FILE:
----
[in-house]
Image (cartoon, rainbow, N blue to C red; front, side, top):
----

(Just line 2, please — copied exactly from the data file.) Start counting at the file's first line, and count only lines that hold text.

Image (cartoon, rainbow, N blue to C red; front, side, top):